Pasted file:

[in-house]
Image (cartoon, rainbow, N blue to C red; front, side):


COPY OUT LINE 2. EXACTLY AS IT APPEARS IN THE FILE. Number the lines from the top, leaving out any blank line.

Image (cartoon, rainbow, N blue to C red; front, side):